My writing group took an unplanned hiatus during the summer but got back together on Monday night. There was a lot of catching up to do. Before the night was over, my stomach hurt from laughing about moose hunting in Cape Breton, I learned some Disney vacation tips, and I got to physically hold our first published book. (Of course it’s not “our” book at all, I just want to bask in Meghan’s success for a little bit longer.)
The best part of the night, however, was when we actually talked about our writing.
As some of you know, I’ve been working on a book for a couple of years. Nothing deep or award-winning, it’s just (hopefully) an entertaining page turner. I have gone through some very productive spurts and the first half seemed to write itself but, now that I’m about two-thirds done, I’ve hit a very dry patch.
That doesn’t mean I haven’t been writing, I’ve finished a few shorter pieces of fiction and even some poetry, but I’ve been struggling to get back into the novel. Even though I’ve managed to write a few pages here and there, I’ve lost the spark.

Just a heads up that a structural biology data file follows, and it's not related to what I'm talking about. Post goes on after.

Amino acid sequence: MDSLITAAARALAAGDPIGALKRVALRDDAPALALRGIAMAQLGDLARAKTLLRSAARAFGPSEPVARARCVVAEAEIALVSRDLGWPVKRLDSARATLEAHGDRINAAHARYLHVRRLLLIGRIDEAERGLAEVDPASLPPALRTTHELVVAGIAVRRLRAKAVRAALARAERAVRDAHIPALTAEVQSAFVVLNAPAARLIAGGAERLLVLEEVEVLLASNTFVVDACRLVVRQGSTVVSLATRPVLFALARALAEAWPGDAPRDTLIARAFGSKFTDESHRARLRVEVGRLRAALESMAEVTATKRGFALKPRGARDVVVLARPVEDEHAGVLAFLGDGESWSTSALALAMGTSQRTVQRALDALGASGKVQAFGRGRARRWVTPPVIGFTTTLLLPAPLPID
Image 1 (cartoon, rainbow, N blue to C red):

On Monday I confessed my lack of productivity to the group and, instead of chastising me or even letting me off the hook, they asked, “Why?”
It ultimately comes down to my lack of direction in the story. I feel lost. I thought I had a clear vision of the plot, but as I wrote, my characters began to behave unexpectedly. This might sound a little nutty but it’s true. For example, a previously innocuous character, suddenly became a prime asshole and created an unforeseen twist.
I laid out my doubts, giving examples of where the plot had gone off the rails. My three friends gave encouragement, “That sounds good… That still kinda works… Ummm, I guess that could happen…” As the absurdity of what I was describing set in, and the mutual laughter reached a crescendo, the funniest, but wisest, words were spoken. This is my new mantra.
“Just keep writing, you can shave the crazy off later.”
Have you ever been given some sage advice?